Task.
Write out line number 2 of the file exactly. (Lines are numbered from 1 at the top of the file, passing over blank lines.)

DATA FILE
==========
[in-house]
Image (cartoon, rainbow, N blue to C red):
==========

Image (cartoon, rainbow, N blue to C red):